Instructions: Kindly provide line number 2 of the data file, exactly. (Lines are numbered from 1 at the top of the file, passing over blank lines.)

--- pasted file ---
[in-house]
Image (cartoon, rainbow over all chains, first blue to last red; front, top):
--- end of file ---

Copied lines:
Image (cartoon, rainbow over all chains, first blue to last red; front, top):